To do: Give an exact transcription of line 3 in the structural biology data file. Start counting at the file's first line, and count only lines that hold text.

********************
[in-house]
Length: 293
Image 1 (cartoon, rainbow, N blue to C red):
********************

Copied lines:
Image 1 (cartoon, rainbow, N blue to C red):